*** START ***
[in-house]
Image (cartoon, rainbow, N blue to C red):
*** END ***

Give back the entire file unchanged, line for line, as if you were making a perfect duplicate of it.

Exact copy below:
[in-house]
Image (cartoon, rainbow, N blue to C red):